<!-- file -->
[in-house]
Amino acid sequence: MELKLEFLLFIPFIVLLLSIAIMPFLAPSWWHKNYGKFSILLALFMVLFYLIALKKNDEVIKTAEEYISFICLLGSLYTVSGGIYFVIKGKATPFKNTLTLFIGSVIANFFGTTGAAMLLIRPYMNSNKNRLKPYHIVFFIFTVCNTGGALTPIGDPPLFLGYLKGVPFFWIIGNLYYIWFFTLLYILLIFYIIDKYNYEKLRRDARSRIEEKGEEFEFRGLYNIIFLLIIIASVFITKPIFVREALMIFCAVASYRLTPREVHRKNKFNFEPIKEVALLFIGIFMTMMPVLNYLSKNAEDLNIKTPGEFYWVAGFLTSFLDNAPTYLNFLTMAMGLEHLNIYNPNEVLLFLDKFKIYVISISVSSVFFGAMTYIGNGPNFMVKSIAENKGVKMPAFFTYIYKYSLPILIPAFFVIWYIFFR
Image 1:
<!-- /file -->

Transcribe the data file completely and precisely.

[in-house]
Amino acid sequence: MELKLEFLLFIPFIVLLLSIAIMPFLAPSWWHKNYGKFSILLALFMVLFYLIALKKNDEVIKTAEEYISFICLLGSLYTVSGGIYFVIKGKATPFKNTLTLFIGSVIANFFGTTGAAMLLIRPYMNSNKNRLKPYHIVFFIFTVCNTGGALTPIGDPPLFLGYLKGVPFFWIIGNLYYIWFFTLLYILLIFYIIDKYNYEKLRRDARSRIEEKGEEFEFRGLYNIIFLLIIIASVFITKPIFVREALMIFCAVASYRLTPREVHRKNKFNFEPIKEVALLFIGIFMTMMPVLNYLSKNAEDLNIKTPGEFYWVAGFLTSFLDNAPTYLNFLTMAMGLEHLNIYNPNEVLLFLDKFKIYVISISVSSVFFGAMTYIGNGPNFMVKSIAENKGVKMPAFFTYIYKYSLPILIPAFFVIWYIFFR
Image 1: